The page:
- STX 2.g
- Engelsk B
Eksempelbesvarelse: Paper om "Communication and Information Technology"
Her finder du Studienets eksempelbesvarelse af A-opgaven (paper) "Communication and Information Technology" fra eksamen maj 2009 i Engelsk B.
Undervejs i vores besvarelse forklarer vi for dig, hvorfor vi har valgt at besvare opgaven på netop den måde. Vi giver dig også tips og råd til, hvordan du bedst kan besvare opgaven selv. Til sidst giver vi dig også et eksempel på en disposition til eksamenssættet.
Dette er en besvarelse af opgaven, lavet med det formål at vise hvordan opgaven er bygget op i forhold til trin for trin vejledningen til paper B-niveau.
NB! Husk denne besvarelse er kun vejledende, og der findes utallige andre udmærkede måder at besvare den på. Denne besvarelse er skrevet som eksempel i forhold til vejledningen for paper på B-niveau.
The texts in Section A focus on new communication and information technology and how we use it. Write a paper (700-1000 words) in which you answer the following questions. Answer the questions separately.
- Give an outline of the use of information and communication technology as it is presented in texts 1 and 2.
- What is Stuart Jeffries' attitude to mobile phones and e-mail in text 3, and how does he express it? Illustrate your answer with examples from the text.
- On the basis of the review of Mark Bauerlein's book The Dumbest Generation (text 4), discuss some appropriate ways of using the Internet.
I besvarelsen er der lavet kommentarer til hvert afsnit, hvori afsnittets indhold og metode forklares.
Teksterne der arbejdes med
Matt Richtel, "Don't Want to Talk About It? Order a Missed Call", an article
from The New York Times website, 2008.
Andrew ICeen, "Sex, Ties and the Internet", an excerpt from his book The Cnlt of
the Amateur. How Today's Internet is Killing Our Culture and Assaulting Our
Stuart Jeffries, "Technophobia - the sign of a born leader?", a comment from
The Guardian website, 2008.
Lee Drutman, "Review of Mark Bauerlein's book The Dumbest Generation", a review
review from Los Angeles Times website, 2008.
In the digital era in which we live, new communication and information products emerge constantly to fulfil demands we didn't know we had and thereby help to paint a picture of where our society is headed. The article by Matt Richtel deals with a new communication device called Slydial which allows its user to access people's voicemail directly, without getting in touch with the owner of the phone. According to academics, text messagers and creators of technologies, this is an emerging trend, "We are constantly just missing one another - on purpose" (Text 1, ll. 20-21). One user of the product, Alexis Gorman, uses it to end relationships without having to deal with the awkward conversation that would follow from something like that. The main idea behind this new communication device is paradoxically enough to avoid conversation, and its uses are many: from avoiding lengthy conversations with wives and family members, to calling in sick without getting interrogated by the boss. Deceit is the name of the game and Co. founder of the company behind Slydial, Gavin Macomber, admits that, "It does make you more cowardly" (Text 1, l. 85).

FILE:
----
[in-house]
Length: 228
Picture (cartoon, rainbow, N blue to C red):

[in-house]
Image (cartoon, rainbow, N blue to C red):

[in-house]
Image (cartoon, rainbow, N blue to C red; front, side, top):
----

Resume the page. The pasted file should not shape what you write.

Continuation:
One way communication is more and more the norm, as products such as Slydial alongside the websites Facebook, Twitter and Radar.net are becoming more and more popular. These websites encourage people to avoid direct dialogue. The new technologies are used to keep people at a distance and thereby controlling what is said and when it is said. Facebook, Twitter and Radar.net all show the trend of broadcasting oneself. The technology is used to let people know what you are doing at all times.
But not only do we broadcast ourselves online, we also upload information about other people; information that might not even be true. In the excerpt from Andrew Keen's book, he further adds colour to the picture of where our modern society is headed. Keen claims that there are dangers to be found in the way we use information and communication technologies today. He shows us some grim examples in his book, "Sex, Lies, and the Internet", of how the net is used to frame other people and destroy their families and reputations through lies and deceit. "This case underscores the dangers inherent in an editorless medium where the only rules are that there are no rules" (Text 2, ll. 10-11). He warns us against this development and encourages people to use the internet with very critical eyes because most of what is out there is not remotely true.
... Køb adgang for at læse mere